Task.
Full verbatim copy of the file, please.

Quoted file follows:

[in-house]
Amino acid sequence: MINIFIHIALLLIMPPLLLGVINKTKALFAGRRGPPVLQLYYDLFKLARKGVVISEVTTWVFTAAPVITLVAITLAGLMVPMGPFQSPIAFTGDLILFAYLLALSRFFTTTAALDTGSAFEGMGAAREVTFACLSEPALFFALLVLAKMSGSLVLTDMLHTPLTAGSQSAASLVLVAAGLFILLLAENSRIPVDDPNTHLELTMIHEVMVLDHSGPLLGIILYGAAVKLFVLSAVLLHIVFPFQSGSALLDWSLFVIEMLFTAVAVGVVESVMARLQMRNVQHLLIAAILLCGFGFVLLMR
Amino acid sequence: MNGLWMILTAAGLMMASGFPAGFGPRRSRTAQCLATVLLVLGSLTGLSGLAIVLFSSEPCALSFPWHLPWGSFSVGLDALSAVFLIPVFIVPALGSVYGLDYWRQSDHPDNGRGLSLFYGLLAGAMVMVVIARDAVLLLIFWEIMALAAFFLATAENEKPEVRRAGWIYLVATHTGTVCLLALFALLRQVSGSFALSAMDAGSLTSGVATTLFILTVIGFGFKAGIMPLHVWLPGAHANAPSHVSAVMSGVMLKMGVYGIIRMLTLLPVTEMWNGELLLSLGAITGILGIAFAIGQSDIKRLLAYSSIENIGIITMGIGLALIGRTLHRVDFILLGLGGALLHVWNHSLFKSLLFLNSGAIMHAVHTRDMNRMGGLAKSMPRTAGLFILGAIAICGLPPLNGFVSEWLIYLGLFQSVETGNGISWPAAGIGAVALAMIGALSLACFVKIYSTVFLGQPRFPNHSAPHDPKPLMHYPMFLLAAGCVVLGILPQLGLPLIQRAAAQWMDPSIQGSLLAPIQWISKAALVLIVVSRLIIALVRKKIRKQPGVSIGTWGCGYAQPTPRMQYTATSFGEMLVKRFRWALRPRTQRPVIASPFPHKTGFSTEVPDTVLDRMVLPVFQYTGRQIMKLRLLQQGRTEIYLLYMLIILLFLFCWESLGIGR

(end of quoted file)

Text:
[in-house]
Amino acid sequence: MINIFIHIALLLIMPPLLLGVINKTKALFAGRRGPPVLQLYYDLFKLARKGVVISEVTTWVFTAAPVITLVAITLAGLMVPMGPFQSPIAFTGDLILFAYLLALSRFFTTTAALDTGSAFEGMGAAREVTFACLSEPALFFALLVLAKMSGSLVLTDMLHTPLTAGSQSAASLVLVAAGLFILLLAENSRIPVDDPNTHLELTMIHEVMVLDHSGPLLGIILYGAAVKLFVLSAVLLHIVFPFQSGSALLDWSLFVIEMLFTAVAVGVVESVMARLQMRNVQHLLIAAILLCGFGFVLLMR
Amino acid sequence: MNGLWMILTAAGLMMASGFPAGFGPRRSRTAQCLATVLLVLGSLTGLSGLAIVLFSSEPCALSFPWHLPWGSFSVGLDALSAVFLIPVFIVPALGSVYGLDYWRQSDHPDNGRGLSLFYGLLAGAMVMVVIARDAVLLLIFWEIMALAAFFLATAENEKPEVRRAGWIYLVATHTGTVCLLALFALLRQVSGSFALSAMDAGSLTSGVATTLFILTVIGFGFKAGIMPLHVWLPGAHANAPSHVSAVMSGVMLKMGVYGIIRMLTLLPVTEMWNGELLLSLGAITGILGIAFAIGQSDIKRLLAYSSIENIGIITMGIGLALIGRTLHRVDFILLGLGGALLHVWNHSLFKSLLFLNSGAIMHAVHTRDMNRMGGLAKSMPRTAGLFILGAIAICGLPPLNGFVSEWLIYLGLFQSVETGNGISWPAAGIGAVALAMIGALSLACFVKIYSTVFLGQPRFPNHSAPHDPKPLMHYPMFLLAAGCVVLGILPQLGLPLIQRAAAQWMDPSIQGSLLAPIQWISKAALVLIVVSRLIIALVRKKIRKQPGVSIGTWGCGYAQPTPRMQYTATSFGEMLVKRFRWALRPRTQRPVIASPFPHKTGFSTEVPDTVLDRMVLPVFQYTGRQIMKLRLLQQGRTEIYLLYMLIILLFLFCWESLGIGR